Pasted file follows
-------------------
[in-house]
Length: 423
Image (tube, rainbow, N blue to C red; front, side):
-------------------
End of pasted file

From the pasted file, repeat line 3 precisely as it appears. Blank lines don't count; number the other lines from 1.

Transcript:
Image (tube, rainbow, N blue to C red; front, side):